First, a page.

Questionnaires draw a dodge from Crist
Three advocacy groups have gotten position papers, not answers, from the GOP candidate.
By JONI JAMES
Published October 19, 2006
TALLAHASSEE — Attorney General Charlie Crist is quick to give out his cell phone number, bumper stickers and hugs. And he insists that people call him “Charlie.”
But good luck getting the Republican candidate for governor to answer a specific question.
For at least the third time, Crist, who tells voters he’ll be the “people’s governor,” has avoided answering questionnaires for voters guides circulated by prominent advocacy groups.
The latest example came Wednesday when frustrated leaders with the bipartisan group Aging with Dignity chastised Crist for not answering its questions.
The group’s list of seven specific questions dealt with health care for seniors and end-of-life issues. The candidates were asked to check a box declaring support or opposition to the issue outlined in each question.
For example, Democratic candidate Jim Davis indicated he opposes physician-assisted suicide and supports increasing nursing home funding through Medicare.
Crist? The Aging with Dignity group said it doesn’t know his position because Crist didn’t check any of the boxes.
“Charlie Crist responded to our questionnaire with vague statements we view as nonresponsive,” said the group’s president, Doug Malley. “He said these questions are 'best left to God and family.’ But they shouldn’t be left to chance.”
The Crist campaign’s response included a broad statement that the candidate “believes that end-of-life decisions are ultimately best left to God and family” and said he encourages Floridians to execute living wills. The campaign also referred to its six-page policy paper on “empowering and protecting seniors” that touches on many of the same themes.
Earlier this year, Crist’s campaign used the same strategy with questionnaires from the Christian Coalition and AARP.
While campaigning in Orlando on Wednesday, Crist responded to the criticism by saying his silence last year during the Republican-led attempt to intervene in the Terri Schiavo case should tell voters all they need to know about where he stands on end-of-life issues.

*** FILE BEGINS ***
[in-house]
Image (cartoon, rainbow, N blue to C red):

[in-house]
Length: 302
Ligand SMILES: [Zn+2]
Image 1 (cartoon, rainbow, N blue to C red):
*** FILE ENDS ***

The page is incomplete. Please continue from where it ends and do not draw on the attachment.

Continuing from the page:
Gov. Jeb Bush and the state House unsuccessfully pushed legislation to overturn a court decision to remove Schiavo’s feeding tube after the courts had determined that she would never recover from a brain injury.
Crist was silent during that debate and has since confirmed that he opposed the effort. “They should look at the Terri Schiavo case,” Crist said. “I think I spoke loudly.”
But Malley argued that candidates owe voters more information about their positions on health care and end-of-life issues as the nation’s first baby boomers head into retirement: “Many are more concerned about getting enough medical attention rather than refusing medical treatment.”
And at least one other group said Crist’s lack of clear, concise answers makes it harder for people to become informed voters.
Jeff Johnson, advocacy manager for AARP, said voters crave simple answers to candidate positions. He said the group received complaints a few years ago when it didn’t ask candidates to state a position for or against particular issues.
“Members said, 'I can’t figure out if they agree with you or not,’” said Johnson. “I think it’s true of all voters. … They’re used to the rhetoric, but they want to see something more concrete.”
Crist was unfazed. “I’m running on my agenda. … I don’t like to be pigeonholed into what the box may say. It’s more honest and its better for the voters to have the information that’s in my heart and in my head.”
Times staff writer Steve Bousquet contributed to this report. Joni James can be reached at firstname.lastname@example.org or (850) 224-7263.